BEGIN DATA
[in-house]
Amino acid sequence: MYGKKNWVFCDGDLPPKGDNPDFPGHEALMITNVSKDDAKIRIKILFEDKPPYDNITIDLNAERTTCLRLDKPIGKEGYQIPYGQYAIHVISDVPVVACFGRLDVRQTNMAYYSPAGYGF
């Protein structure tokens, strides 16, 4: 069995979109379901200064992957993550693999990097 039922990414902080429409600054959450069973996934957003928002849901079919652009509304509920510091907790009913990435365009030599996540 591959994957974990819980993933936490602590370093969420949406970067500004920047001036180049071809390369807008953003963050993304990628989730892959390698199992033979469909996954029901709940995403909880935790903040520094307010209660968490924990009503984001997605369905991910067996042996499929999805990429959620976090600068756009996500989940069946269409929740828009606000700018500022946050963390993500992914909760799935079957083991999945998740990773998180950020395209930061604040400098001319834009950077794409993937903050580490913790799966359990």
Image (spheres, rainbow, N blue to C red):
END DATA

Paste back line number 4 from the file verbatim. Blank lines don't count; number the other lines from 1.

Image (spheres, rainbow, N blue to C red):